Binge eating and its relationship to outcome after laparoscopic adjustable gastric banding

Utrecht University, Utrecht, Utrecht, Netherlands
Obesity Surgery (Impact Factor: 3.74). 10/2004; 14(8):1111-7. DOI: 10.1381/0960892041975587
Source: PubMed

ABSTRACT The aim of this cross-sectional study was to examine short and long-term eating behavior after laparoscopic adjustable gastric banding (LAGB) and the relationship of binge eating with weight and quality of life outcome.
250 patients (221 female, 29 male, mean age 39.6 years, age range 22-61) filled out questionnaires to evaluate quality of life and eating behavior: 93 patients before LAGB, 48 with a follow-up duration of 8 through 24 months, and 109 patients 25 through 68 months after LAGB.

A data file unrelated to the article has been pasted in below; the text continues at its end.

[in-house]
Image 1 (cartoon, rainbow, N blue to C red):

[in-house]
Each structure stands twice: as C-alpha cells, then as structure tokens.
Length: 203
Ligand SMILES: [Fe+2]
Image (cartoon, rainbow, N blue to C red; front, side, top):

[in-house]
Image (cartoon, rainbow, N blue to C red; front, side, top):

Compared with patients before surgery, patients after surgery, in both follow-up groups, reported less binge eating, fat intake, external eating, and more restrained eating and eating self-efficacy. After surgery, about one-third of the patients showed binge eating problems, which were associated with a worse postoperative outcome.
Our results suggest that eating behavior improves both short- and long-term after surgery for severe obesity. Although LAGB could be a long-term solution to part of preoperatively eating disordered patients, the identification and treatment of postoperative binge eating appear critical to promote successful outcome after bariatric surgery.

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